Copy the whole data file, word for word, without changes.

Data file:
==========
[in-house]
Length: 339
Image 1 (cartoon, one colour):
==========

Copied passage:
[in-house]
Length: 339
Image 1 (cartoon, one colour):